Indeed, Bush's strategy across the country is to edge Kerry by turning out more committed conservatives in counties where he is already strong. He is targeting Christian evangelicals who didn't vote in 2000, conservative Catholics who respond to a family-values message, and small-businessfolk who like the President's anti-tort lawyer pitch.
He has charged "people of faith" team leaders with the task of identifying churches whose congregants are likely supporters. His ground troops are asking churchgoers, Rotary Club officials, and Knights of Columbus leaders to send in membership directories, which are then compared with voter registration rolls. Anyone who is not registered can expect to get a call from a volunteer. And like Kerry, Bush has his sights trained on some 7 million non-Cuban Hispanics and 2.7 million military personnel and their families.
While both candidates' goals are equally ambitious, their tactics differ. The GOP model is the 2000 Bush campaign's 72-Hour Task Force, designed by Rove and current campaign manager Ken Mehlman. The project, which took months to plan but was unleashed in the final three days of the campaign, combined last-minute phone calls, leafletting, and rides to the polls. For the 2002 midterm contests, the party assigned 72-Hour directors to all 50 states. And the program produced some surprising winners. One was Saxby Chambliss, now a Georgia senator thanks in large part to turnout efforts led by then-Georgia Republican Party Chairman Reed.
FACE TO FACE
A onetime chief political operative for the Christian Coalition, Reed is credited with helping to harness the Religious Right's emerging might. He recruited 3,000 volunteers and 500 paid workers to knock on some 150,000 doors in Republican-leaning Georgia counties. While midterms normally draw about one-third of the voting-age population, Reed boosted turnout to 60% in GOP precincts, sweeping Democratic incumbents out of the governor's office, the U.S. Senate, and the state legislature.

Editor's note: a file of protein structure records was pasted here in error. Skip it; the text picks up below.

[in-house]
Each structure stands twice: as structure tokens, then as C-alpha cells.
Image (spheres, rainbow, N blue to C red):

The lesson for the GOP was that face-to-face appeals work better than phone banks, leafletting, direct mail, and even TV. "We had gotten away from using person-to-person contact," says Blaise Hazelwood, political director of this year's 72-Hour Program. "Talking about issues with someone from your church or neighborhood really makes a difference."
The GOP is getting lots of help from business groups. BIPAC is coordinating turnout efforts among dozens of member trade associations and hopes to reach 20 million employees before Nov. 2. "In an election that's going to be determined by turnout," says BIPAC CEO Gregory S. Casey, "this seems the smart way to go."
The 10,000-strong American International Automobile Dealers Assn. has its "Drive the Vote" campaign. Voter guides, while officially neutral, stress Bush's call for cuts in tariffs on imported cars and trucks and suggest that Kerry would push to unionize workers at foreign auto plants. "We want to make sure [dealers' employees] understand this election is not without consequences," says Ed Patru, an AIADA spokesman. And the National Federation of Independent Business is sending out election tip sheets that steer its 600,000-plus members to vote for Bush and other candidates the NFIB considers pro-enterprise.
Kerry's appeals are directed at a more diverse group. He's eyeing union members, minorities, single mothers, and young adults between 18 and 24. He's also aiming for the sliver of the electorate that is still undecided and for less ideological Republicans.
The pool of potential backers is certainly deeper, but the Democratic Party's bedrock of support -- African Americans and other minority voters -- historically have low turnout rates. So Kerry's challenge, much like Bush's, is to avoid alienating his base while wooing middle-of-the-road suburbanites.
To keep the core motivated, Kerry is relying largely on ACT, which has opened 55 offices and hired 540 full-time organizers along with 1,300 paid canvassers. The model is Big Labor's turnout program, until 2002 led by AFL-CIO political director Steve Rosenthal. In his new role as ACT's executive director, Rosenthal has put together a national turnout effort that clearly has Republicans worried.
Rosenthal tested his ideas -- early and frequent contact with potential voters to discuss issues, not necessarily to push a candidate -- in the 2003 Philadelphia mayoral race. There, he registered 85,000 new voters, of whom 38,000, or 44%, cast ballots. While slightly lower than the 49% overall turnout, the additional support was crucial: Democratic incumbent John F. Street turned around a faltering campaign to win by 78,000 votes.
Any way you slice it, Campaign 2004 looms as a fateful showdown between sharply divergent approaches to foreign policy and the economy. And for once, it doesn't look like the outcome is going to be determined by glossy TV spots that generate more heat than light. Instead, the election seems certain to be decided on front porches, in community centers, and in individual encounters all across the land -- a struggle, to paraphrase George Bush, that can only be won "one heart, one soul at a time."
By Paula Dwyer and Lee Walczak in Washington and Lorraine Woellert in Tampa